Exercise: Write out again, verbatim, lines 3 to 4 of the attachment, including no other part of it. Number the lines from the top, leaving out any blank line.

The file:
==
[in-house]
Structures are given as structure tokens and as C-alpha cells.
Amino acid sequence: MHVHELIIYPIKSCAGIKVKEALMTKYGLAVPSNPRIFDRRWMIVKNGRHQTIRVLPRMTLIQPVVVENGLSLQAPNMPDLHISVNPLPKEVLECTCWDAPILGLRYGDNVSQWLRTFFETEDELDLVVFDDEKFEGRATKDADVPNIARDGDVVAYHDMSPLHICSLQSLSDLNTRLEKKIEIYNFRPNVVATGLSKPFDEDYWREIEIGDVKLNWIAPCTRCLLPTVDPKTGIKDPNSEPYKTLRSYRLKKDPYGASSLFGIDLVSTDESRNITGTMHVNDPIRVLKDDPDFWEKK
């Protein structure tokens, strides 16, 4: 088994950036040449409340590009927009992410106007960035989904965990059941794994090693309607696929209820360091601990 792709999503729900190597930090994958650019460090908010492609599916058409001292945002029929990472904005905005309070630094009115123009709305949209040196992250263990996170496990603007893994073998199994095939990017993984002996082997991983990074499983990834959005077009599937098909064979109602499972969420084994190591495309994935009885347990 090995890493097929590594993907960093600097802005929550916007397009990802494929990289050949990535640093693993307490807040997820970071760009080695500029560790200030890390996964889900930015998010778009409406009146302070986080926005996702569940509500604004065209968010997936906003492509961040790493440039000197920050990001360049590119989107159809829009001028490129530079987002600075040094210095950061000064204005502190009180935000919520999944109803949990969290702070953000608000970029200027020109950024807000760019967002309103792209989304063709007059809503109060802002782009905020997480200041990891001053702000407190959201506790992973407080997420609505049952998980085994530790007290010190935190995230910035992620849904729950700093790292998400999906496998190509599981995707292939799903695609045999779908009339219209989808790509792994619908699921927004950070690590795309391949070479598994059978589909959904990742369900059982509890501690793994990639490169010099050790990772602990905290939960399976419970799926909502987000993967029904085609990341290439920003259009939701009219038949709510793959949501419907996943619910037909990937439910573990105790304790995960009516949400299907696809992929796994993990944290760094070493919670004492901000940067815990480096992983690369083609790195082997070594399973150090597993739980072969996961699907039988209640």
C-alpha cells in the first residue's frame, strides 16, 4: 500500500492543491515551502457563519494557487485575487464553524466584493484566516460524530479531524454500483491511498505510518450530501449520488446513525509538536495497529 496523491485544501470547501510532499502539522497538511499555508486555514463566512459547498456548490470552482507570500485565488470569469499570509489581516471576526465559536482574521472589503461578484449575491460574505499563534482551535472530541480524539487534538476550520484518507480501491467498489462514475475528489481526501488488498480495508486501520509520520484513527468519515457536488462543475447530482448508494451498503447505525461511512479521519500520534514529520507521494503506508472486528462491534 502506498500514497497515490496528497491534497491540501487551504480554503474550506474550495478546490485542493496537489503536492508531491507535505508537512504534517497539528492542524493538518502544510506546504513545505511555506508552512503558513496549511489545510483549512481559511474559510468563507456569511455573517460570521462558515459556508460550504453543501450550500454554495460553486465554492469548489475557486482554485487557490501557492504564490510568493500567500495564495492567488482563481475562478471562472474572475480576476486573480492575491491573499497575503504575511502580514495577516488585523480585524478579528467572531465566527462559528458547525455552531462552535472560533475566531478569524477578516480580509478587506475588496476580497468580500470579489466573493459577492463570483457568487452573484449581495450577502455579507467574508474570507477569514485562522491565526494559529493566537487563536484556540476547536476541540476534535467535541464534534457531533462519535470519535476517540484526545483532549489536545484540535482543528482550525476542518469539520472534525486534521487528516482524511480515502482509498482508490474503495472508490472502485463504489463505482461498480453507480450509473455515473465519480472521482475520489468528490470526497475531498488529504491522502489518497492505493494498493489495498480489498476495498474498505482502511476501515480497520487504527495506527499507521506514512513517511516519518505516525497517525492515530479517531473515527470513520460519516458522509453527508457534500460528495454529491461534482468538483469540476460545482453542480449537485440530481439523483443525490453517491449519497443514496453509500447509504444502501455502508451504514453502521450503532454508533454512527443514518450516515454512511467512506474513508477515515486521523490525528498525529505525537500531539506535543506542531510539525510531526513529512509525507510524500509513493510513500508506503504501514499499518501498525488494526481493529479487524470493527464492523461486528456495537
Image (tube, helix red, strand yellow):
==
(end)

Amino acid sequence: MHVHELIIYPIKSCAGIKVKEALMTKYGLAVPSNPRIFDRRWMIVKNGRHQTIRVLPRMTLIQPVVVENGLSLQAPNMPDLHISVNPLPKEVLECTCWDAPILGLRYGDNVSQWLRTFFETEDELDLVVFDDEKFEGRATKDADVPNIARDGDVVAYHDMSPLHICSLQSLSDLNTRLEKKIEIYNFRPNVVATGLSKPFDEDYWREIEIGDVKLNWIAPCTRCLLPTVDPKTGIKDPNSEPYKTLRSYRLKKDPYGASSLFGIDLVSTDESRNITGTMHVNDPIRVLKDDPDFWEKK
């Protein structure tokens, strides 16, 4: 088994950036040449409340590009927009992410106007960035989904965990059941794994090693309607696929209820360091601990 792709999503729900190597930090994958650019460090908010492609599916058409001292945002029929990472904005905005309070630094009115123009709305949209040196992250263990996170496990603007893994073998199994095939990017993984002996082997991983990074499983990834959005077009599937098909064979109602499972969420084994190591495309994935009885347990 090995890493097929590594993907960093600097802005929550916007397009990802494929990289050949990535640093693993307490807040997820970071760009080695500029560790200030890390996964889900930015998010778009409406009146302070986080926005996702569940509500604004065209968010997936906003492509961040790493440039000197920050990001360049590119989107159809829009001028490129530079987002600075040094210095950061000064204005502190009180935000919520999944109803949990969290702070953000608000970029200027020109950024807000760019967002309103792209989304063709007059809503109060802002782009905020997480200041990891001053702000407190959201506790992973407080997420609505049952998980085994530790007290010190935190995230910035992620849904729950700093790292998400999906496998190509599981995707292939799903695609045999779908009339219209989808790509792994619908699921927004950070690590795309391949070479598994059978589909959904990742369900059982509890501690793994990639490169010099050790990772602990905290939960399976419970799926909502987000993967029904085609990341290439920003259009939701009219038949709510793959949501419907996943619910037909990937439910573990105790304790995960009516949400299907696809992929796994993990944290760094070493919670004492901000940067815990480096992983690369083609790195082997070594399973150090597993739980072969996961699907039988209640």